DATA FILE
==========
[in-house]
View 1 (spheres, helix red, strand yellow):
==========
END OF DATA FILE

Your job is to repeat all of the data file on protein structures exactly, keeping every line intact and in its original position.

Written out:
[in-house]
View 1 (spheres, helix red, strand yellow):